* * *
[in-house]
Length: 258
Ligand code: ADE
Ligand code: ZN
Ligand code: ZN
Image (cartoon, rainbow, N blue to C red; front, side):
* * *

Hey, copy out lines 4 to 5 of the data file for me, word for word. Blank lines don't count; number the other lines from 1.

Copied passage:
Ligand code: ZN
Ligand code: ZN